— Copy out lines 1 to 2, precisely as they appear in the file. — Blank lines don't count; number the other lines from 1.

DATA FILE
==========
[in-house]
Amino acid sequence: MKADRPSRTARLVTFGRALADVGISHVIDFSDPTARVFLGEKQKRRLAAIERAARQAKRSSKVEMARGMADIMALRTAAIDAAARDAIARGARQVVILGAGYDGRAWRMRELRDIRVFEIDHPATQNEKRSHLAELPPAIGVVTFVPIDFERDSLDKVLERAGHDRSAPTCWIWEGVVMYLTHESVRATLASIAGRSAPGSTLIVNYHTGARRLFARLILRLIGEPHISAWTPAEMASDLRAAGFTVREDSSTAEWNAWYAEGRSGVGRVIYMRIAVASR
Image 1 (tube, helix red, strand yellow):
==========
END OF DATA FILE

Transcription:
[in-house]
Amino acid sequence: MKADRPSRTARLVTFGRALADVGISHVIDFSDPTARVFLGEKQKRRLAAIERAARQAKRSSKVEMARGMADIMALRTAAIDAAARDAIARGARQVVILGAGYDGRAWRMRELRDIRVFEIDHPATQNEKRSHLAELPPAIGVVTFVPIDFERDSLDKVLERAGHDRSAPTCWIWEGVVMYLTHESVRATLASIAGRSAPGSTLIVNYHTGARRLFARLILRLIGEPHISAWTPAEMASDLRAAGFTVREDSSTAEWNAWYAEGRSGVGRVIYMRIAVASR